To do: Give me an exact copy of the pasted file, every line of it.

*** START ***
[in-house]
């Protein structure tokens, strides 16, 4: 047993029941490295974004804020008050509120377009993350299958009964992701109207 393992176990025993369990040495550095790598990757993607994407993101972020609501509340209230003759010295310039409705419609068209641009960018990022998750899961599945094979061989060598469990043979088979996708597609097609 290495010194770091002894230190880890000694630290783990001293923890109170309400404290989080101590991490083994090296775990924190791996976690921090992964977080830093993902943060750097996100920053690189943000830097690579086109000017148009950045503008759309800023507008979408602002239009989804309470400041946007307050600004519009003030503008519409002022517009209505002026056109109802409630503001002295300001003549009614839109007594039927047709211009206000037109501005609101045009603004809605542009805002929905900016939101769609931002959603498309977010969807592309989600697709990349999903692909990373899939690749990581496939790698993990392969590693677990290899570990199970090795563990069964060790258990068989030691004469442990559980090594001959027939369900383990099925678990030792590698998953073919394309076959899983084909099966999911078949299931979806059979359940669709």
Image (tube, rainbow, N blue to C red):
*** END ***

[in-house]
């Protein structure tokens, strides 16, 4: 047993029941490295974004804020008050509120377009993350299958009964992701109207 393992176990025993369990040495550095790598990757993607994407993101972020609501509340209230003759010295310039409705419609068209641009960018990022998750899961599945094979061989060598469990043979088979996708597609097609 290495010194770091002894230190880890000694630290783990001293923890109170309400404290989080101590991490083994090296775990924190791996976690921090992964977080830093993902943060750097996100920053690189943000830097690579086109000017148009950045503008759309800023507008979408602002239009989804309470400041946007307050600004519009003030503008519409002022517009209505002026056109109802409630503001002295300001003549009614839109007594039927047709211009206000037109501005609101045009603004809605542009805002929905900016939101769609931002959603498309977010969807592309989600697709990349999903692909990373899939690749990581496939790698993990392969590693677990290899570990199970090795563990069964060790258990068989030691004469442990559980090594001959027939369900383990099925678990030792590698998953073919394309076959899983084909099966999911078949299931979806059979359940669709």
Image (tube, rainbow, N blue to C red):